How a Criminal Conviction Can Impact Your Professional License

Imagine this scenario: You and your friends visit a trendy new bar in downtown Miami on a Friday night. At some point during the evening, another patron takes exception to something you said and throws a punch at you. You strike back, and the next thing you know, there’s a mass brawl, the police arrive, and you end up with a conviction for battery and disorderly conduct. Those offenses are only misdemeanors in Florida, so how big a deal can it be?

If you plan on working in an industry that involves professional licensing, or if you are already a licensed professional, it can be more serious than you ever imagined. In many cases, even a withhold of adjudication (a finding of guilt without a formal criminal conviction) can result in administrative action against your license. Additionally, the licensed professional has an obligation to report an arrest or a disposition of a criminal case, no matter what the outcome. A failure to report it to the appropriate administrative agency can result in disciplinary action.

Criminal charges, no matter how minor they appear to be on the surface, can result in a professional license being denied, suspended, and even revoked entirely. In Florida, the following occupations are impacted if you have a criminal record:

Insurance Agents and Adjusters

You are permanently barred from licensure as an insurance agent or adjuster if your record includes any of the following:

  • A first-degree felony
  • A capital felony
  • A felony involving fraud, embezzlement, or money laundering
  • A felony related to the financial services industry

If you are not barred completely, you may be subject to a disqualifying period. Felonies involving ‘moral turpitude’ carry a 15-year disqualifying period and those not subject to a permanent ban or 15-year disqualification can result in being prohibited from getting a license for seven years. Even a misdemeanor can result in a seven-year ban if it is directly related to the financial services industry.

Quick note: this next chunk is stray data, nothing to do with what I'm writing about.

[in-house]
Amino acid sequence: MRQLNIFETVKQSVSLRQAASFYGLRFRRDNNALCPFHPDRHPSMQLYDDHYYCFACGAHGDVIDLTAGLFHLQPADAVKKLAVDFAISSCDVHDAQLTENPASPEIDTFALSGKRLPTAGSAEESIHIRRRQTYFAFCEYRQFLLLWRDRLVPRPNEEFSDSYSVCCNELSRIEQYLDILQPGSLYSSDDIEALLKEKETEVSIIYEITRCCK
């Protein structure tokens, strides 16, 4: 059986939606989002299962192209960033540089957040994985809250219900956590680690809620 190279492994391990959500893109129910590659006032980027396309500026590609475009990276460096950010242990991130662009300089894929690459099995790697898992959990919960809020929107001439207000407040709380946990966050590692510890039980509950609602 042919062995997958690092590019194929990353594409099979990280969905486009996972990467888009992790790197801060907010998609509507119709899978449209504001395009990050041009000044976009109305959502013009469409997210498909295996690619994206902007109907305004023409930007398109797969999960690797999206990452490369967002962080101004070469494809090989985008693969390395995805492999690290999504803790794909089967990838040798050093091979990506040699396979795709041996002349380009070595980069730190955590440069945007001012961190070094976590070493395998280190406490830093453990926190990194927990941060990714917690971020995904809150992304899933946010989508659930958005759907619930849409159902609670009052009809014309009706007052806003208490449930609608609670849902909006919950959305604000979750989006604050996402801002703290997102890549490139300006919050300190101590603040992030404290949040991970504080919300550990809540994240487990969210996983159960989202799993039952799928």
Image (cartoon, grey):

Teachers and Certified Educators

When you apply for a Florida Educator Certificate, you have to meet certain standards that include no convictions by a ‘disqualifying offense.’ These crimes tend to relate to child abuse, sexual deviancy, kidnapping, drug abuse, and major theft. While a record for other crimes may not completely bar you from an educator certificate, public school teachers and other educators may become the subject of an investigation by the Office of Professional Practices with the Florida Department of Education if it becomes known that a misdemeanor or felony was committed.

Medical Professionals

Medical professionals such as doctors and nurses may lose their license if they are convicted of the following:

  • Medicare or Medicaid fraud
  • Illegal possession or sale of a controlled substance
  • Economic fraud

If you are applying for a medical doctor license and have a felony conviction, there may also be a waiting period before your application can be successful. For felonies of the first or second degree, more than 15 years must pass since the sentence or probation period passed. Third-degree felonies require five or 10 years, depending on the crime.

These are but a few examples of professions where your license can be implicated based upon a criminal conviction. The list includes lawyers, pilots, accountants, real estate brokers and stockbrokers, to name but a few. However, all administrative licensing agencies have to follow their own internal rules and regulations before any action can be taken against the professional whose livelihood is jeopardized.

If you are a licensed professional, and your career is on the line because of a criminal case, contact the Law Offices of Barry M. Wax today. We will work with you to address criminal charges and other consequences that impact your job and career opportunities, protecting your right to work in your chosen profession.

Law Offices of Barry M. Wax